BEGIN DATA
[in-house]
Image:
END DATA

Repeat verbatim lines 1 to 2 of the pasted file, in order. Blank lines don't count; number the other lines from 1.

[in-house]
Image: